Should people roughhouse with dogs?
I love to rough house with my dogs. However, there are rules to make sure everyone is safe.
- First, you initiate. The dog should not start until you let him know it is okay.
- Mouthing is allowed as long as he is not biting down. If he bites too hard, all play should stop. Mind you though, accidental marks will happen.
- He needs to stop when you tell him to. If he does not, ignore him and be boring.
- Remember you control when you paly and how rough you play.
- Always supervise your dog with children. They are small, and accidents can happen.
- Always stop play if your dog is being too rough for you.
- Your dog can learn how to play differently with each member of the family.
- Never hold the tug above the dog’s head. It can hurt their throat.
ALWAYS supervise children playing with dogs. Accidents happen. Your dog could easily bite too hard and hurt your child. Your child might not be able to read your dog and know when the dog has reached a level or arousal that is not appropriate.
- Put roughhousing on cue. This way, the dog or the puppy know when to start. This will prevent them from trying to play with just anyone. I use “Get me” or “Let’s kill this” if we also have a tug toy. It is essential that your dog does not roughhouse without you first telling him that it is okay.
- You can decide if you want to allow your dog to mouth on you or bite you during play. I let my dogs to put their mouth around me but not to bite down. If there is any pressure, we stop playing altogether. I say “Oh No, all done” and just walk away from the dog or puppy. This way you control how hard a bite is allowed.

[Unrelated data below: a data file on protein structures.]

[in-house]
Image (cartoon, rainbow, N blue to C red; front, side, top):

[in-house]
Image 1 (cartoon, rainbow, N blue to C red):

- You control what level of arousal you will allow in your dog. If you think your dog is getting too excited or little bit too aggressive, stop playing. You should be in control the entire time. Also, watch yourself as well. If you are starting to scare your dog, please stop playing. It is not fun for anyone at that point, and you are jeopardizing your relationship with your dog.
- Growling and vocalizations are allowed as long as everyone is comfortable with them and your dog is not getting overly aroused.
- Vetstreet.com “Dogs often growl during friendly play with other canines. This type of growling is higher-pitched and shorter in length than other growls. Watch for the proper play signals in your canine to ensure the interaction is friendly and conduct frequent breaks in play to keep arousal levels low.”
- Caninejournal.com This is simply a common way that dogs express their emotions verbally. So be sure to consider their body language, facial expressions, and other behavior about the growling sound before you assume that it is hostile. For most dogs, growling is part of play – even with their pets – and not a reason to worry. However, if the dog has taken on an aggressive posture while growling, then you may wish to be concerned about a fight.
- You control when the playtime is over. I tell my dogs “All Done” (yes, the same thing as their release word for “stay” and “wait”) this lets my dog know that they are doing what they were doing. If your dog or puppy do not stop playing, just walk away and be BORING!
Dogs do not generalize; this means that they cannot and do not know that all rules apply in every situation. Each situation is different to them. This means that dogs know that with dad, anything goes, with mom I am not allowed to mouth, and I am not allowed to roughhouse with kids at all. Dogs and puppies can easily learn different rules for different members of the family.